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The Internal Revenue Service announced a new Voluntary Disclosure Program that gives at employers who received erroneous Employee Retention Credit funds the opportunity pay them back at a discounted rate.


The IRS has provided certain eligible taxpayers with automatic relief from additions to tax for failure to pay income tax for tax years 2020 and 2021Relief is only available to taxpayers who filed an eligible return during the relief period, which begins on either the date the IRS issued an initial balance due notice or February 5, 2022, whichever is later, ends on March 31, 2024.


The IRS has issued final regulations regarding the de minimis safe harbors from the penalties under Code Sec. 6721 for failure to file information returns and Code Sec. 6722 for failure to furnish payee statements. The regulations also include the time and manner a payee may elect out of the safe harbor, as well as rules on reporting basis of securities by brokers as it relates to the de minimis safe harbors. The final regulations adopt the 2018 proposed regulations with only minor modifications.


The Treasury Department and the IRS have issued guidance pertaining to the new credit for qualified commercial clean vehicles, established by the Inflation Reduction Act of 2022 (P.L. 117-169). Notice 2024-5 establishes a safe harbor regarding the incremental cost of certain qualified commercial clean vehicles placed in service in calendar year 2024.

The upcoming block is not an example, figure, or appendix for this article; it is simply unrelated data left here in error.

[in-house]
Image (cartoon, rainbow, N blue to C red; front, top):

The IRS and the Department of Treasury (the Treasury) have announced that they intend to propose regulations to implement the product identification number (PIN) requirement with respect to the energy efficient home improvement credit under Code Sec. 25C as amended by the Inflation Reduction Act of 2022 (IRA) (P. L. 117-169). The IRS has also requested comments on the PIN requirement under Code Sec. 25C(h) (PIN requirement) by February 27, 2024.


Taxpayers may rely on an IRS notice that describes forthcoming regulations for the alternative fuel vehicle refueling property credit. The notice focuses on the census tract requirement added by the Inflation Reduction Act of 2022 (P.L. 117-169). 


The IRS has provided relief from the failure to furnish a payee statement penalty under Code Sec. 6722 to certain partnerships with unrealized receivables or inventory items described in Code Sec. 751(a) (Section 751 property) that fail to furnish, by the due date specified in Reg. §1.6050K-1(c)(1), Part IV of Form 8308, Report of a Sale or Exchange of Certain Partnership Interests, to the transferor and transferee in a Section 751(a) exchange that occurred in calendar year 2023.


The IRS has issued a notice addressing the availability of administrative exemptions from the requirement to file certain returns and other documents in electronic form. The notice also addresses the availability of information about the procedure to request a waiver of the requirement to file electronically Forms 1120, 1120-S, 1120-F, and 1065. In addition, thr IRS has provided information about resources pertaining to failed attempts to electronically file Forms 1120, 1120-S, and 1120-F using IRS filing systems.